Mom Pays $92 a Month to Rent Breast Pump — Here’s Why She Doesn’t Even Keep the Milk
“I can’t bear to see these families giving their baby evaporated milk when they’re running out of formula.”
Chiara Sottile, a mom of two, was planning on weaning her 13-month-old son when a formula shortage sent a wave of panic across the nation. Several brands of infant formula were recalled. Contamination at the source had caused bacterial infections in some babies. Two infants even died.
So huge amounts of formula across several brands were pulled from the shelves. Parents all over the United States found themselves tossing multiple cans of infant formula in the trash—sometimes even their entire month’s supply.
When production also slowed due to manufacturers’ inability to source ingredients or packaging, stores started imposing limits on the number of cans of formula that parents could buy at one time. This sent shock waves into many communities: parents didn’t know if they’d be able to feed their babies from one day to the next.
Seeing an Opportunity to Do Good
That’s when Sottile realized that she was in a very privileged position. She had an oversupply of milk and a baby ready to be weaned. The San Francisco Bay Area news producer was also able to afford the $92 a month it cost to rent a breast pump.
So she did what she could to help. Sottile kept pumping and donating all her milk to those in need. She donated thousands of ounces of milk—not only to milk banks, but also directly to families in need.
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On one business trip, Sottile recalled, she pumped about 60 ounces of milk, which she kept on ice in a cooler bag. She struck up a conversation with yet another mom who was worried about the formula shortage and what it would mean for her baby. She tearfully explained how she was going to have to start feeding her baby evaporated milk. Sottile knew that she was at the right place at the right time.
“I opened up my little cooler bag and gave her the milk,” Sottile said. “She was stunned and grateful…you don’t expect someone to just hand over their breast milk.”
A Stressful and Dangerous Situation
Indeed, breast milk has been called “liquid gold” by many a parent. But many babies need infant formula to survive. Such is the case of adopted babies, babies and children with extreme allergies, babies whose mothers have a low supply or no supply at all, and children who have to be tube fed. Parents choose infant formula to feed their babies for a multitude of personal reasons and have always felt secure in their ability to feed their children. But the formula shortage turned that on its head and sent parents scrambling.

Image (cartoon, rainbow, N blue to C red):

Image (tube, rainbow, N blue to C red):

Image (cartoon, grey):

Such was the case of a mother all the way across the country in Long Island, New York, who couldn’t find the specific brand of infant formula she needed to feed her five-month-old daughter Angelina. Jessica Booth tried pumping, but her milk supply dwindled quickly and the process was painful.
“It’s stressful enough being a new mom, whether it’s your first, second, third child, or whatever—but this is an extra layer of stress,” she said.
Parents across the country echoed Booth’s sentiments. They told stories of driving around to a dozen different stores in a single day, with their babies in tow. Some would show up before stores even opened, but the shelves were still empty or the specific kind of formula their baby needed was not available. Indeed, forced switches in formula brands left many babies with gastrointestinal issues and even trips to the hospital.
The Gift of Sharing
Sottile felt angry that the system was failing parents nationwide. So when her son was ready to be weaned, she continued to pay the $92 a month breast pump rental charge and to donate her milk to those in need.
“I’m paying to be a milk donor,” she said ruefully. “Originally, I was feeding my own son, but things have gotten so dire in this country, so how can I stop? I can’t bear to see these families giving their baby evaporated milk when they’re running out of formula.”
Sottile said that being able to share her milk is a gift. But it’s not always easy. She feels fortunate to be able to cover the monthly rental charge out of pocket, but it’s also a time issue, and the busy, working mom doesn’t have a lot of that.
Setting aside time to regularly pump in order to maintain supply means time spent away from her young family, taking multiple breaks at work, and pumping in less than ideal locations, like supply closets and airplane bathrooms.
But Sottile will continue donating her time, money, and breast milk as long as she can—and that’s a lifeline for many families.